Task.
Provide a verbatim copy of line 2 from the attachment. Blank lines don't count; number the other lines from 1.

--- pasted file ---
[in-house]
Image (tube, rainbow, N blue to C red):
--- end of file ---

Image (tube, rainbow, N blue to C red):